SINGIN’ THE BLUES: NICK ELLIS

SINGIN’ THE BLUES: NICK ELLIS

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Some sharks need to stay moving in order to breathe. Some songwriters are the same, especially if they are swimming in a shoal of great songs and need to feast on melody and words regularly. Nick Ellis is about to breach the surface again with another album of Bleasdale broadsides and melodic Mersey mourning. By Alan O’Hare.

Releasing three records in three years requires a lot of self belief. “Impractical ideas in an ideal world,” sings Nick Ellis on the first song chosen to preview his latest opus, ‘Speakers’ Corner’. The confidence is there, then, but the narrator of ‘Impractical Ideas’ also finds his voice looking for a falsetto, as a high pitch sound brings the heaven on high to the grit in the earth of the grounded main vocal.

It’s a great moment in a very good song and reveals the grace that grants the impractical wishes of this most singular of Scouse songwriters. He’s more than that, though. Scouse, I mean… Ellis has transcended the constraining Bold Street bullshit of “Zappa and Arthur Lee” sound-a-likes to carve out a space all of his own in a world becoming less and less dominated by singing white boys with guitars. The ex-The Maybes man oozes street soul and fans have realised that Ellis’ is a talent that has to be believed to be seen. “In the past, I’ve found creative inspiration in the everyday invisible and the romance and mystery of local folklore,” he says. “This time I dug deeper into Liverpool’s radical history of social, cultural, artistic and political rebellion to find the roots of what gave the city its most defining characteristic: a voice.”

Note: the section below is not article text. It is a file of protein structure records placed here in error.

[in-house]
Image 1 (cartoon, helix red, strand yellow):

A voice is a funny thing… it can be everything and nothing all at the same time. Ellis’ voice is at home telling tales over an expertly picked acoustic guitar, but ‘Speakers’ Corner’ is more than a singer/songwriter record: the hypnotic ‘I Get Love’ and ‘Wrote My Baby A Letter’ offer roots grooves with double bass and drums; ‘Jesus Of Twine’ (“he’s a devout fan of Oxfam”) and ‘The She Club Mystery’ (“all this trouble was intensified by a picture on a page and a little white lie”) bring it all back home on a big brass bed of dreamy Dylan-esque noir narrative; whilst the perpetual motion poetry of ‘Hearts and Minds’ and ‘Around Midnight’ reveal the restless roads Ellis walks sometime stop for a red light. “I started thinking about the value of words when spoken,” the guitarist and songwriter reveals. “I let them flow out my mouth and onto the page like a stream of conscious typewriter, extracted the light bulbs, then took out all the plastic.” He’s taken out a lot more, too. ‘Speakers’ Corner’ contains no fat and tells its story walking from start to finish, before ending on the lone harmonica shout of ‘Lawrence Road Breakdown’.

“You could have kept quiet but you had no choice,” goes the devastating ‘Hearts and Minds’ and the singer’s best work yet takes its place – across the kitchen table with the loose change of Michael Angelis’ ‘Chrissie Todd’ – in the mists of time that inform just another Mersey morning.

Nick Ellis
The Leggate Theatre, Victoria Gallery & Museum, Liverpool
Saturday 6th October 2018, 5pm
Get tickets

‘Speakers’ Corner’, by Nick Ellis, is available to pre-order

Pic by Robin Clewley

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